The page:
Possible Duplicate:
“Let's” vs. “lets”: which is correct?

  1. Lets now see how it can be done.

  2. Let's now see how it can be done.

Is sentence 1 wrong? If so, why? I have read the answers to "Let's" vs. "lets": which is correct? but they don't seem to discuss the case when this word comes at the start of a sentence. It says you can test it by replacing "Let's/Lets" with "Let us" and seeing if the sentence still makes sense, but "Let us now see how it can be done" sounds odd to me.

Even if "Let's" is correct here, is there any context where it would be correct to use "Lets" without an apostrophe at the start of a sentence?

  • Can we reopen this question? I would like to post an answer to it. The specific sentences are different, and the answer is, in Mark's words, the opposite from those at the linked question. – herisson May 20 '16 at 21:22
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    "Lets you down easy, does he?" – Sven Yargs May 20 '16 at 22:49

Yes, 2 is correct.

This is effectively a duplicate of “Let's” vs. “lets”: which is correct? except with the opposite right answer.

1 could be "correct" (but not a real sentence) if in context it means "(subject, person or object) now lets see how it can be done.", but notice I had to swap "now" and "lets" for even that implied sentence.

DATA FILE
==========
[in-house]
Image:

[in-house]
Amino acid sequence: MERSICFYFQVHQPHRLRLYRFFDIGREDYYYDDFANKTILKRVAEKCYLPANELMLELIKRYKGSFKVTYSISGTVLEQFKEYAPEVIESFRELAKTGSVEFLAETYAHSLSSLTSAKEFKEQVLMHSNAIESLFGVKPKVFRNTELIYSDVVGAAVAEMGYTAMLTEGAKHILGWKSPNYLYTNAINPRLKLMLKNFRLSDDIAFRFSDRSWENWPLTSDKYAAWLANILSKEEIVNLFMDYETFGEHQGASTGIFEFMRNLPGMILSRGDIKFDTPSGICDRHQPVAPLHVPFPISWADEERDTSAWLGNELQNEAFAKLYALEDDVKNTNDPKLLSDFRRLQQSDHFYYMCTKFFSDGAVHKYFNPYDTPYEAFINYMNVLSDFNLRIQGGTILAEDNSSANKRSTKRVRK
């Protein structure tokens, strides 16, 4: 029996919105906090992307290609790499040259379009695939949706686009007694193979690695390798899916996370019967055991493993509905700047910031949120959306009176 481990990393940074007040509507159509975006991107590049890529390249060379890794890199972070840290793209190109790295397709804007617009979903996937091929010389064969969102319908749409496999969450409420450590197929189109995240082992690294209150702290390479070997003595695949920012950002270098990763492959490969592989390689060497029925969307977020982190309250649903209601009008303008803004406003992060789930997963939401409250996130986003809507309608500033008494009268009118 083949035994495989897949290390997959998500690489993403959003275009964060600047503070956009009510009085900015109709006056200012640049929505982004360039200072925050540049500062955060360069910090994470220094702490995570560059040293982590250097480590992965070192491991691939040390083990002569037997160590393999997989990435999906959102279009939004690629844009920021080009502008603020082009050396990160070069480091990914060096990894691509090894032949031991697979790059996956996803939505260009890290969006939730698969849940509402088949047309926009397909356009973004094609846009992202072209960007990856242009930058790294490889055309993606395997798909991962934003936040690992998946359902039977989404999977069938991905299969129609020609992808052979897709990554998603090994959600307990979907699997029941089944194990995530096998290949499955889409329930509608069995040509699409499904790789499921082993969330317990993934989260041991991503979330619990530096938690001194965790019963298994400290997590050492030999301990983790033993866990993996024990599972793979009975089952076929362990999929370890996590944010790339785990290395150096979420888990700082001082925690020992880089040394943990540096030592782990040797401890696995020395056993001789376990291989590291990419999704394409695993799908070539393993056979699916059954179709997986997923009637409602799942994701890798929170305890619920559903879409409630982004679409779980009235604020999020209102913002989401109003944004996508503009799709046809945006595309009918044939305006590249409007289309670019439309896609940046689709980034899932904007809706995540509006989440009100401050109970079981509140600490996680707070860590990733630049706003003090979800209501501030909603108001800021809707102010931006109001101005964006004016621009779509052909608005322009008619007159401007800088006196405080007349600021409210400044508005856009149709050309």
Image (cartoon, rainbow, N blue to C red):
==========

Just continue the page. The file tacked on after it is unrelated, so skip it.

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    your statement implies that 1 is "a little" correct- but it's not at all. Lets without the apostrophe is used in sentences like: `My dad lets me walk to the store all by myself" but is never used when the contraction for Let us is needed. – Jim Mar 19 '12 at 6:47
  • @Jim Changed. I was going to write more but then thought "this has to be a duplicate..." – Mark Hurd Mar 19 '12 at 6:51
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    Lets just say its the convention to insert the apostrophe into the first and fourth words of this sentence, but that conventions can change. The apostrophe was introduced into English relatively late in the languages development, and only so that printers could show that a letter was missing. Its often not needed at all, as this comment may show. – Barrie England Mar 19 '12 at 7:35
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    @BarrieEngland No, your comments are wrong; readable and understandable, but wrong. :-) Yes, English changes, but at this stage punctuation still matters. – Mark Hurd Mar 19 '12 at 10:07
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    @BarrieEngland: I agree with Mark - it's more than a "convention", it's a rule, and not following it is wrong. Jsut becuase you can read this sentnece doesnt mkae it rihgt. ;-) – Amos M. Carpenter Mar 20 '12 at 2:12

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